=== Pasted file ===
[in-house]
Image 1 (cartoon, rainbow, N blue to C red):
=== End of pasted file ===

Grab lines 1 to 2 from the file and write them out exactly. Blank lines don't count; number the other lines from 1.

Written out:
[in-house]
Image 1 (cartoon, rainbow, N blue to C red):